I am physically back at my desk at the Stanford Center for Innovation in Global Health, but my heart and thoughts remain with the refugees residing near the border of Syria.
Walking across campus, I think of Hayat’s mother, Jamila, whose story I shared in my last post. Despite spending every day taking care of Hayat, who witnessed the burning and killing of her children and suffered a traumatic brain injury, Jamila remains committed to ensuring everyone else around her is doing well.
During our last conversation, she interrupted my question about Hayat’s access to a psychiatrist: “You’ve helped me take care of Hayat. We’re both doing the best we can to take care of her, but I also care about you. Tell me, truly, how is your family?”
Days later and thousands of miles away, I remain astounded by Jamila’s capacity to genuinely inquire, listen, and care about the well-being of others, despite having to cope with adversities every day.
I've also been thinking about Lamees, a 7-year-old Syrian refugee child who hopes to become a pediatrician. Competitive in nature, Lamees is learning French independently and she eagerly shared a song with me that she had learned. When asked why she is learning French, she said: “The more languages I learn, the more people I can help in the future.”
When I went desperately looking for Lamees in the informal tented settlement community (I had met her on a previous trip), worried she might have left to go back to Syria, I ran into her father who insisted he buy me some juice while we waited for Lamees to get dressed. Even now, back at Stanford, I remain overwhelmed by Lamees’ father’s generosity. The juice he insisted on buying cost roughly $1.00, half of the total income he made that day. Buying me juice meant less food for his family.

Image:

Today, I thought of Ahmad, the leader of the refugee community where Jamila, Hayat, and Lamees live. In his mid-forties, Ahmad cannot return to Syria, as he says he is wanted by the government for reasons he does not entirely understand.
He says the government sought to punish him by exacting revenge on his mother. “They cut off both of her legs after she wouldn’t disclose my location. I worked relentlessly to bring her here to Lebanon to stay with me, and I finally succeeded a few months ago. Last month, she died right there,” he said, pointing to his tent.
On the verge of tears, Ahmad stopped, breathed in, and said: “But I am still grateful for everything. I am blessed. Now let me take you to some families who could really use your help.” As I return to my daily routine here, I can't stop reflecting on Ahmad’s ability to remain focused on alleviating his community’s collective pain, rather than remaining immersed in his own grief.
Jamila, Hayat, Lamees, and Ahmad are at the heart of the Stanford Refugee Research Project and, broadly, the commitment Stanford University made to help with the overwhelming, worsening global displacement crisis. We are committed to leverage our resources to help refugees. We are committed to recognize our shared humanity and to vow to do better by each other.
Along with partners on the ground in the Middle East, our team at Stanford plans to facilitate more opportunities for Stanford students, faculty, and staff to get involved directly and to help empower refugees in the next few months. Updates will be available on our website.
Laila Soudi is the project lead for the Stanford Refugee Research Project. Originally from Syria, Laila has been working with refugee populations across Europe and the Middle East. This piece is part of a series called "Life on the border" on her trip to the Jordan-Syria and Lebanon-Syria borders.
Photo courtesy of Laila Soudi